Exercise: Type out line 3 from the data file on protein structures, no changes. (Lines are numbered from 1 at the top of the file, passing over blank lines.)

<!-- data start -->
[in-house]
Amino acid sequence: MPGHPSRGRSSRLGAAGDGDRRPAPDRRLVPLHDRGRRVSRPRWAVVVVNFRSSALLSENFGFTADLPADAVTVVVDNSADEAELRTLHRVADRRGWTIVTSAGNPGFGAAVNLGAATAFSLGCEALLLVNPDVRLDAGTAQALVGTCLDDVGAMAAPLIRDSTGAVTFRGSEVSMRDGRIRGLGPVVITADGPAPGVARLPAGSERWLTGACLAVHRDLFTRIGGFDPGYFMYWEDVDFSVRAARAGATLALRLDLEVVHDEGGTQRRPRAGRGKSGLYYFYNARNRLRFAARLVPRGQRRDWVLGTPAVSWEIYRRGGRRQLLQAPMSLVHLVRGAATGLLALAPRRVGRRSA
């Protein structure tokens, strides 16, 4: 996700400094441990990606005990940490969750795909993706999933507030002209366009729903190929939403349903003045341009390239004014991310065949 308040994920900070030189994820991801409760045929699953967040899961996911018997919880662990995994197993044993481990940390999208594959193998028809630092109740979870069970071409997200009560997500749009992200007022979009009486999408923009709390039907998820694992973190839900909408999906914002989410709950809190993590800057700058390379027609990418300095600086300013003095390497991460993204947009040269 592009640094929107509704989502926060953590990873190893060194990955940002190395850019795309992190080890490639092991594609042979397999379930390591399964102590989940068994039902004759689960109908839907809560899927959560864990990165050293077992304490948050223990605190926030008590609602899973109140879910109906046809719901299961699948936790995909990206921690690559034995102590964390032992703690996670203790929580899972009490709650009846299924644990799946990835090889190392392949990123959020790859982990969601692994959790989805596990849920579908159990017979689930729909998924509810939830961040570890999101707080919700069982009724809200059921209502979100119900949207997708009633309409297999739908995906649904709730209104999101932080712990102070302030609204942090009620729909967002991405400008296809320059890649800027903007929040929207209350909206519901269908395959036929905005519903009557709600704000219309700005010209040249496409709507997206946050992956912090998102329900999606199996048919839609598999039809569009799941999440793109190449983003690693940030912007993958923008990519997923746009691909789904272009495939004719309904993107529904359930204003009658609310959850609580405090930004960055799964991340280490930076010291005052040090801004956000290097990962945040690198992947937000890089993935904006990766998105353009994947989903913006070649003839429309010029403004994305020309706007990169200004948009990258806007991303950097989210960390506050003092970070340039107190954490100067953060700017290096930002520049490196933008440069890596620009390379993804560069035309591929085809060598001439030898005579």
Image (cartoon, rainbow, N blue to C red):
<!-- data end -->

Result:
């Protein structure tokens, strides 16, 4: 996700400094441990990606005990940490969750795909993706999933507030002209366009729903190929939403349903003045341009390239004014991310065949 308040994920900070030189994820991801409760045929699953967040899961996911018997919880662990995994197993044993481990940390999208594959193998028809630092109740979870069970071409997200009560997500749009992200007022979009009486999408923009709390039907998820694992973190839900909408999906914002989410709950809190993590800057700058390379027609990418300095600086300013003095390497991460993204947009040269 592009640094929107509704989502926060953590990873190893060194990955940002190395850019795309992190080890490639092991594609042979397999379930390591399964102590989940068994039902004759689960109908839907809560899927959560864990990165050293077992304490948050223990605190926030008590609602899973109140879910109906046809719901299961699948936790995909990206921690690559034995102590964390032992703690996670203790929580899972009490709650009846299924644990799946990835090889190392392949990123959020790859982990969601692994959790989805596990849920579908159990017979689930729909998924509810939830961040570890999101707080919700069982009724809200059921209502979100119900949207997708009633309409297999739908995906649904709730209104999101932080712990102070302030609204942090009620729909967002991405400008296809320059890649800027903007929040929207209350909206519901269908395959036929905005519903009557709600704000219309700005010209040249496409709507997206946050992956912090998102329900999606199996048919839609598999039809569009799941999440793109190449983003690693940030912007993958923008990519997923746009691909789904272009495939004719309904993107529904359930204003009658609310959850609580405090930004960055799964991340280490930076010291005052040090801004956000290097990962945040690198992947937000890089993935904006990766998105353009994947989903913006070649003839429309010029403004994305020309706007990169200004948009990258806007991303950097989210960390506050003092970070340039107190954490100067953060700017290096930002520049490196933008440069890596620009390379993804560069035309591929085809060598001439030898005579």